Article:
Summer 2003, p.6

Cycling News
Needed: Direction Arrows for Bike Lanes

To reduce rampant, dangerous wrong-way bicycling in bike lanes, the DOT should mark lanes with directional arrows.
To reduce rampant, dangerous wrong-way bicycling in bike lanes, the DOT should mark lanes with directional arrows.
Bicycling against traffic is illegal and extremely dangerous. Motorists, pedestrians and bicyclists do not look for or expect wrong-way traffic, creating dangerous situations for all. Indeed, head-on collisions are more likely to result in serious injury or death. To reduce wrong way riding, the DOT should mark bike lanes with directional arrows as well as bicycle symbols.

The city badly needs arrows on streets like Central Park West, Second Avenue, Lafayette Street and Hudson Street in Manhattan; according to City Planning counts, 26% of cyclists ride the wrong way on these streets.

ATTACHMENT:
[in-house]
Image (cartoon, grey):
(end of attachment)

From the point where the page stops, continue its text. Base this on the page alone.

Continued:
Other United States cities, including Chicago, Denver, San Francisco and Portland, Oregon, use directional markings. Arrows are also recommended by both authoritative road design manuals: the American Association of State Highway and Transportation Officials' Guide for the Development of Bicycle Facilities (1999) and the Federal Highway Administration's Manual on Uniform Traffic Control Devices (2001).

Write to DOT Commissioner Weinshall and tell her that New York City's bike lanes need arrows:

Commissioner Iris Weinshall
NYC DOT
40 Worth Street
New York, NY 10013

Read the latest news on this subject.